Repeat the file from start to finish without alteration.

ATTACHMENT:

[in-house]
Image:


[in-house]
Image: